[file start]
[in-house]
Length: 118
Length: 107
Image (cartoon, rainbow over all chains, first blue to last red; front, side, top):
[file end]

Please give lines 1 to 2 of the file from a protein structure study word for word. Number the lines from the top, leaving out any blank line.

[in-house]
Length: 118